ALO: We were without material to record. The R&B barrel of tunes was getting raided and soon would be empty. I fancied The Stones trying that great James Ray thing If You Gotta Make a Fool of Somebody. Then somebody told me that Freddie & The Dreamers had covered it. That’s the moment I knew The Stones had to write. So thank you James and thank you Freddie!
RCM: You’re credited with locking Mick and Keith into a room and telling them they can’t come out until they came up with a song. Were you confident they could deliver the goods?
RCM: Did Brian Jones express interest in a writing role? Did he have the ability to write songs?
ALO: He did, he did not. I out him with Gene Pitney, an old PR client and friend, and a great writer and asked him to see what he could get out of Brian. He didn’t get much out of him—he tried. But in pop music you do not write down to an audience. They can smell it. Brian was dismissive about the process but he wanted the rewards.
RCM: What was the first great Jagger/Richards song?
ALO: Tell Me.
RCM: As a producer, who were your role models, and how did deriving inspiration from them inform your work with the band?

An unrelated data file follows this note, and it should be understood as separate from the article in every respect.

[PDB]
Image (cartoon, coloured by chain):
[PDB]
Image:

ALO: Bob Crewe. The enthusiasm, the belief, the joy at being in the studio with those he was in the studio with. Bob was not only a great, great lyricist and producer, he was contagious. I thought the way he was turned into the Charles Nelson Reilly gay relief in Jersey Boys, he deserved better than that. Bob Gaudio should have listened to the records, not his ego to slight Bob in Jersey Boys.
RCM: Select a few Four Seasons songs in particular that best demonstrate Bob Crewe’s imagination/skills as a producer and share your reasoning.
ALO: Big Man In Town, Rag Doll, I’ve Got You Under My Skin and all the rest. There’s no reasoning. The casting was just perfect. Voice, melody, lyrics and the finest New York arrangers and players. Charlie Callello was a great arranger.